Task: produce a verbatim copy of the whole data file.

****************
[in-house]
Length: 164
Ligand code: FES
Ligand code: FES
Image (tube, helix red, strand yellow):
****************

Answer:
[in-house]
Length: 164
Ligand code: FES
Ligand code: FES
Image (tube, helix red, strand yellow):